Gaming on the ASUS ZenFone Max Plus M1

    Gaming on mobile devices have seen a massive boom over the past few years. With competitive games such as Arena of Valor, Mobile Legends, and Clash of Clans, to more casual games like Candy Crush Saga, This War of Mine, and Minecraft, it seems that mobile gaming is here to stay.

    Affecting the boom of mobile gaming is the ever-increasing performance of smartphones. Every year, mobile smartphone manufacturers are upping the ante in the performance department of smartphones. Performance, however, comes with a cost.

    Most smartphones that have the bleeding edge SoCs in them, such as the Qualcomm Snapdragon 830, can cost more than USD 400 (PhP 20,000). Battery life is also a concern because the more performance that a smartphone has, then the more power it needs to draw from the battery.

    What if you want a smartphone that can cope up with the most recent mobile games, have a long battery life, and doesn’t cost an arm and a leg? Enter the recently released, ASUS ZenFone Max Plus M1.

    The ASUS ZenFone Max Plus M1 is decked with a MediaTek 6750T octa-core SoC clocked at 1.5GHz with 4GB of RAM running on Android 7.0 Nougat with ZenUI 4.0. ASUS has also jumped on the 18:9 bandwagon with the Max Plus having a 5.7-inch 2160 x 1080 IPS display.  All the juice from this smartphone comes from a 4,130mAh battery and comes with 32GB of internal storage that can be expanded via its microSD slot.

    Now, I’m not much of a MOBA gamers because I’m not very good in working with a team. So I’m going to stick with games that I do well (I think), which are shooters and RPGs. So, just how ASUS’ latest Battery King fare with gaming?

    Consistency is the way to the chicken dinner

    Let’s start off with Rules of Survival (RoS). ROS is a battle royale-style game in which 120 players aim to be the last player standing to get their chicken dinner. You can either play this solo or in a team, and since I’ve said that I’m no good with a team, I played this game on solo.

    Players don’t have weapons when they drop from the plane. Strategic thinking about your drop zone and quick inventory skills are required in order to survive the early game.

    Once the initial shock of entry into the map has gone, you enter the mid-game. This is basically you getting to the designated safe zone while killing players (or just bypassing them altogether) and completing your load out.

    Late game in battle royale-style games usually trickle down two things to survive: crawling and hoping you see the enemy before they see you. If you’ve calmed down your nerve for long enough, then you might just get your chicken dinner.

    3D games are usually much more demanding compared to 2D games, such is the case in Rules of Survival. Performance of the ASUS ZenFone Max Plus M1 with its MediaTek MT6750T and 4GB of RAM was decent enough. There were no significant lag while in the game was on its balanced graphics setting.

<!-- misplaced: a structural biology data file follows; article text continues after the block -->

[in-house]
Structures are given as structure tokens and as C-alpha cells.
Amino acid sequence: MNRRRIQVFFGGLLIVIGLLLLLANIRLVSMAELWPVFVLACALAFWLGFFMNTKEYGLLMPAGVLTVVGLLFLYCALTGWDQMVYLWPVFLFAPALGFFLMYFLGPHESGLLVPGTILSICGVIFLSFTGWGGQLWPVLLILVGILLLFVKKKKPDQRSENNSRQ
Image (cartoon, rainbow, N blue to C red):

Grind, grid, grind until you reach the top

    I’m a sucker for 16-bit style RPGs. Games like Final Fantasy VI, Chrono Trigger, and Dragon Quest VI has a very special place in my heart. So I was filled with glee when games like Inotia 4 came out on mobile.

    Inotia 4: Assassin of Berkel follows the story of Kiyan. As an assassin of the Shadow Tribe, he has been shown to be incredibly loyal to his tribe. I won’t spoil any story pieces here since this is an RPG, and immersion is one of the key selling points of an RPG.

    As with most RPGs, you can customize Kiyan depending on your preference. You can choose from six playable classes from the start of the game: Assassin, Black Knight, Priest, Warrior, Warlock, and Ranger. There’s also an inventory system that allows you to equip your character with different pieces of outfit, which also plays a part in the personalization of your character.

    Classes have different skills from one another. Basic grinding, however, boils down to moving around and pressing the right most button to attack. Skills can be accessed near the attack button while items such as potions are located at the top.

    There is also a bit of grinding with Inotia 4, in order to get levels and items, you would need to kill tons and tons of enemies. But the combat is enjoyable enough that you won’t really mind the grind.

    As a 16-bit style game, Inotia 4 doesn’t really need much in the way of sheer processor horsepower unlike Rules of Survival. Thus, the game runs smooth and silky with the ZenFone Max Plus M1. The 5.7-inch 2160 x 1080 IPS display brings an immersion that some smartphones simply can’t deliver. Despite being a bleak place, the Max Plus was still able to present the world of Inotia 4 with a certain flare and you also see more of the world with the display’s taller aspect ratio.

    Game on until dawn

    Battery life of the ASUS ZenFone Max Plus still comes into center stage even while gaming. ASUS’ new Battery King was able to hold its own after a couple of hours of gaming. In Rules of Survival, the smartphone just consumed 30% of battery. In Inotia 4, meanwhile, I was able to last around 3 hours of game time, which only consumed 35% of battery due to non-intensive nature of Inotia 4.

    Despite some less-than-stellar feedback of the ASUS ZenFone Max Plus M1 having a MediaTek 6750T SoC, we believe that it’s good enough for most tasks. Even when gaming, the Battery King was still able to perform in tip-top shape. Also, check out our full review of the ASUS ZenFone Max Plus M1 for the full run-down of its performance.

    With more and more games being released on mobile, what games do you play? And if you’ve bought an ASUS ZenFone Max Plus M1 when it was launched back in January 16, we’d like to know your experience with it. With that said, we hope that you have many good games in the future. See you on the digital battlefield.

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